A new study defies the old saw that money cannot buy happiness. In fact, the poll says, it can greatly improve a person’s quality of life, and therefore, their ability to appreciate it. But only up to a point.
Less than $50 K ‘not very happy’
According to a Marist poll released Tuesday, most Americans from households that make less than $50,000 a year are “not very happy,” and they fear becoming a burden to loved ones. However, those who come from households that earn more than $50,000 annually reported a far greater level of happiness.
Most U.S. households earn less than $50,000
The poll determined that households making more than $50,000 are 12 percent more happy with their lives than those with lower incomes. However, according to the U.S. Census Bureau, more than half of American households — about 93 million — earn less than $50,00 a year.
Fear aging more
Only about 25 percent of those polled from households that make less than $50,000 said they were “very happy,” compared to 34 percent in the more affluent group. Those in the less affluent group also reported less satisfaction with their health, work, housing, finances, free time, neighborhood safety, social lives and family lives. They also reported a more acute fear of aging.
Money always a factor
Some Americans chose other factors affecting their happiness above money, but money was nearly always close to the top. Other factors that some chose over money were spirituality, family, neighborhood safety and housing.
A similar 2010 study by Princeton University found that, after the $50,000 point, money seems to be a lesser factor in personal satisfaction. That study found that those from households earning $75,000 or more reported happiness at about the same level as those from homes earning $50,000.
Experiential buyers happier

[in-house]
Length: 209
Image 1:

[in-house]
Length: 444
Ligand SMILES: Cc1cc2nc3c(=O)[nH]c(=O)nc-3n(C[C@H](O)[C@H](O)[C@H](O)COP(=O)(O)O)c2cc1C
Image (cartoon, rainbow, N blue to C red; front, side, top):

How our discretionary money is spent may also have some bearing on our level of happiness, according to an unrelated study by the website BeyondThePurchase.org, which was also released this week. The study found that people who spend more money on “experiences,” rather than on material goods, have higher levels of happiness than those who amass material things. According to the website, its data cuts across all political, financial, gender and ethnic lines pretty much equally.
Ryan Howell of BeyondThePurchase.org said:
“We’re excited about these results. They show that people from all walks of life are experiential buyers.”
People who spend most of their money on things rather than experiences tend to be more introverted and less social, the study concluded, pointing to other factors in diminished happiness.
Can money buy happiness?
Apparently, to a degree, money can contribute to happiness. However, to what degree is largely dependent on how much — or how little — a household makes, and on how our discretionary money is spent. Of course, happiness is also dependent on a thousand other sociological and physiological factors.
There is little doubt, however, that financial matters do have an effect on our well-being, especially in times of economic struggle. As in many things, though, a strong self-image and a tendency to count our blessings may well be the most effective antidote to fiscal unhappiness.